Streaming music to stereo using iPhone
I’d really like to attach a bluetooth receiver to my stereo and be able to flip through music on an iPhone without getting up to change music (yeah, I know, first world problem).Posted 4 years ago
My intent is to buy a cheap old iPhone from EBay as it will only be used for storing music. My question is, will the playback be of a decent quality and what sample rate when saving to iTunes would be best.
The rest of the steroe is Cambridge Audio amp with Tannoy speakers, so not high end but not Amstrad either.GunzMember
I was looking at something like that Crispy but have also seen the Harman Kardon version as below;
Has anyone used one of these?Posted 4 years agoDrJMember
Maybe I can attach one of those to my totally crap B&O airplay device 🙁Posted 4 years agodamitamitMember
I backed it today.Posted 4 years agojambalayaSubscriber
@Gunz, airport express is the most flexible as it can be used for creating wireless printer, extending wifi range, creating a second wifi network etc but it’s not the cheapest solution as you can see above. I’m 50 with sadly worsening hearing as is normal and I find the standard iTunes format fine quality wise, it makes a much bigger difference the quality of the stereo/speakers being used – I can still differentiate that bit !
@MrNutt for just the streaming part the McAire is overkill, IMO it’s overkill full stop but I am not a HiFi junkie.Posted 4 years agoCountZeroMember
MrNutt, the McAire is very pretty, but for 90% of people it’s owning a Bentley to do the job a Ford a Focus would be far more suitable for.Posted 4 years ago
Or a Skoda.
Bitrate? RIP everything at 320Kb, variable bitrate. Honestly, only the most golden-eared individual would tell you they could hear a difference between that and Lossless, and they might easily be fibbing. I can’t, and I have music files in FLACK, Lossless, 320Kb and 256Kb; listening via either Shure SE215 in-ear phones, or UE TripleFi 10 StudioPro IEM’s I honestly wouldn’t be able to tell you what the bitrate of any piece of music I have in iTunes is.
I can tell you that some Buddy Holly songs from the original master tapes, ripped at 320 from a cd sound far superior to songs by Fairground Attraction, also ripped at 320 from cd. Why? Because, while both albums were recorded very simply, using mostly acoustic instruments, the FA album was very poorly mastered, and sounds dull and lifeless, compared to the Holly songs, which leap out of the speakers.
Moral? Mastering is everything, believe it.
I think its an ugly thing tbh, but the sound that comes out of it is far better than separate set ups I’ve heard (and owned) costing twice it’s price. Agreed as to the quality of the workmanship of the music, or other sources being paramount, the McAire is like a magnifying glassPosted 4 years agoask1974Member
They are all Bluetooth so, quality of internals aside, basically exactly the same. Had a quick look at the Igbloo and almost fell about laughing, I’m sure it will do well as form factor and function looks good but all that talk about high quality audio for a device that will pretty much be used by people using low bit rate music rips from iPhones and Android devices is a huge contradiction.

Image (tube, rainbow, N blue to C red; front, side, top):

Igbloo uses the APT-X and AAC codecs for incredible improvements in audio transport quality across the Bluetooth link, meaning the audio is cleaner, crisper and far higher quality than standard Bluetooth streamed music.
We’re using the world-renowned Wolfson DACs (Digital To Analogue Conversion) used in some of the world’s highest quality audio devices, which means the music is reproduced beautifully. This kind of technology is what sets audio devices apart.
Our line-level amplification is the result of months of iteration after iteration to create the cleanest sound we could with the fullest dynamic range.
And if your device has a digital optical in, then extremely unusually for a device like this, igbloo is fitted with digital optical out, giving you a 100% pure digital signal through to your sound system.
“100% pure digital”… What a great marketing quote and bypasses both the ‘Wolfson DACs’ and wonderful ‘line-level amplification’ you’ve just harped on about… HahahaPosted 4 years ago
The igBloo just looks like a prettier version of the BluDAC but the BluDAC is available to buy today, albeit £60
Regarding the internals, is there an easy way to determine which is better. The Arcam rBlink gets amazing reviews but it’s £160. I was thinking of spending £50-80 for a good all-rounder unit but there is a lot of choice.
Interestingly most reviews say the wireless just isn’t as good as a wired connection but they do give you that freedom to walk about or to change music whilst sat on your arse eating ginger nutsPosted 4 years agoPemboMember
I’m looking for a similar setup to the OP for the kitchen but looking at buying some active speakers to keep the space minimal as I use the BBC radio iPad app and spotify for most music these days. You can get active speakers with Bluetooth built in such as these or go for a non-Bluetooth active speaker hooked up to one of the above. Any suggestions for some good, smallish active speakers?Posted 4 years ago
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